The Global Politics of FoodThe Campaign to Humanize the Coffee Trade

Reporter's Notebook
Giving Fair Trade Coffee a Face

Daniel Zwerdling
Listeners often ask me, "How do you come up with your story ideas?" They usually seem surprised when I tell them, "It's easy—in fact, you probably have a dozen great story ideas every day." Every time you pause for an instant when you hear or read or see something, and you say to yourself, "Hmmm, I wonder why/how/what..." you've just found the seed of a story.

And that's how I decided to do the Fair Trade story. About a year ago, I started reading articles in major newspapers about the Fair Trade movement, and virtually every article was the same: The reporter would declare that American activists had organized a system to pay coffee farmers more money, and then quote those activists describing why the program was such a great success, why it was changing farmers' lives, why it was a model for reforming the global economy. But all the information was second or third-hand: none of the reporters ever quoted a real-live farmer who actually grows coffee and takes part in the Fair Trade Program. It was obvious that all the reporters had written the articles from their offices in the United States.

And I found myself thinking, "Hmm, I wonder how the farmers themselves feel about the program. I wonder how it's affecting their lives." So I got on a plane and flew to Guatemala.

Earning Trust
Of course, it wasn't that simple. Actually, I spent months trying to get in touch with the field inspectors in the Fair Trade system who actually visit the coffee farms—people like Guillermo Denaux, who plays a major role in my story. Think about it: These men and women spend most of their lives traipsing through the back country of countries like Guatemala and Indonesia and Peru, so it's not easy to pick up the phone and reach them.

Once I finally talked with Denaux, it took a half-dozen more phone calls over several months to get him to trust me, so he felt comfortable about letting me observe and record his meetings with farmers. Most of those farmers—most people in Guatemala—suffered terribly during years of civil war: Everybody you meet can name family members or friends who were arrested and tortured or killed by government forces or rebels—or both. So they feel wary of outsiders, and Denaux didn't want some foreign journalist barging into the villages and damaging the relationship that he's built with them over years.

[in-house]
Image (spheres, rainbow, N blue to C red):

Sure, I might have been able to find some Fair Trade farmers and interview them on my own, and produce a passable story. But without Denaux there to vouch for me, the farmers would never have allowed me to sit in on that remarkable meeting, where they confess that they don't really know what the Fair Trade system is—even though they're a part of it—and they're in effect violating the Fair Trade system's rules by not keeping good financial records. That scene conveys just how much work activists will have to do to educate poor, illiterate farmers who've always been stuck at the bottom of the economic and social scale.

A Long Road
When NPR and MPR set up this unusual joint project, American RadioWorks, the idea was to give reporters and producers the time—and money—to do investigative and documentary journalism. Does the Fair Trade coffee story fit? I think the answer is yes—although it's not "investigative" in the sense that the TV magazines have come to use, where you use hidden cameras and microphones and get hold of secret files. But my story illuminated the Fair Trade coffee movement, it let farmers speak for themselves, in a way that no U.S. media had done before.

I was able to do it simply because American RadioWorks gave me the time and money. For instance: In order to get to that meeting, I just mentioned between Denaux and the farmers—a two-hour meeting—we had to drive for 10 hours over bone-crunching mountain roads. That trip didn't unearth any scandals. But now the Fair Trade coffee movement has a face.

Daniel Zwerdling
NPR News and AmericanRadioworks

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